Configuration — Platform-specific Configuration Options
The Dream Chip A10 platform HAL package is loaded automatically when
eCos is configured for the
dreamchip-a10 target. It
should never be necessary to load this package
explicitly. Unloading the package should only happen as a side
effect of switching target hardware.
The platform HAL package supports three startup types:
- This is the startup type which is normally used during application development. The board has RedBoot programmed into flash and boots into that initially. arm-eabi-gdb is then used to load a RAM startup application into memory and debug it. It is assumed that the hardware has already been initialized by RedBoot. By default the application will use the eCos virtual vectors mechanism to obtain services from RedBoot, including diagnostic output.
- This startup type can be used for finished applications which will be programmed into Flash. The application will be self-contained with no dependencies on services provided by other software. eCos startup code will perform all necessary hardware initialization. This startup type can also be used for applications loaded via JTAG.
- This startup type can be used for finished applications that can be loaded into RAM via RedBoot. The load address is set to the same as for RAM applications, however, the application will be self-contained with no dependencies on services provided by other software. eCos startup code will perform all necessary hardware initialization. Once started, this application takes full control of the system and RedBoot will not be called again. This means that debugging via RedBoot will not be possible, only JTAG-based hardware debugging is supported. The intent of this startup type is to allow SMP test programs to be run from RedBoot, most SMP applications should use the ROM startup type. This startup type can also be used for applications loaded directly via JTAG.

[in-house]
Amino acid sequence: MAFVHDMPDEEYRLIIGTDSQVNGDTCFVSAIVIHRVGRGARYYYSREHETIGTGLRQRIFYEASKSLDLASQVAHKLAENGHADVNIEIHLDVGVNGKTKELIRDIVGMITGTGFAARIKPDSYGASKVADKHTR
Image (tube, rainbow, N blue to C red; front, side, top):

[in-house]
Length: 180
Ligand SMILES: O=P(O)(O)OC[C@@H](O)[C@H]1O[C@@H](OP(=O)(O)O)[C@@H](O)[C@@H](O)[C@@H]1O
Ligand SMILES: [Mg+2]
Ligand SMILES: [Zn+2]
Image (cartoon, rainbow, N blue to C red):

RedBoot and Virtual Vectors
If the application is intended to act as a ROM monitor, providing
services for other applications, then the configuration option
CYGSEM_HAL_ROM_MONITOR should be set. Typically
this option is set only when building RedBoot.
If the application is supposed to make use of services provided by
a ROM monitor, via the eCos virtual vector mechanism, then the
should be set. By default this option is enabled when building for
a RAM startup, disabled otherwise. It can be manually disabled for
a RAM startup, making the application self-contained, as a testing
step before switching to ROM startup.
If the application does not rely on a ROM monitor for diagnostic services then the serial port will be claimed for HAL diagnostics.
The Dream Chip A10 board contains a 64Mbyte Micron SPI serial
NOR flash device attached to the QSPI controller. The
CYGPKG_DEVS_FLASH_SPI_M25PXX package contains
all the code necessary to support this part and the platform HAL
package contains definitions that customize the driver to the
Dream Chip A10. This driver is not active until the generic
Flash support package,
included in the configuration.
This driver is capable of supporting the JFFS2
filesystem. However, note that the SPI interface means that this
file system has reduced bandwidth and increased latency compared
with other implementations. All that is required to enable the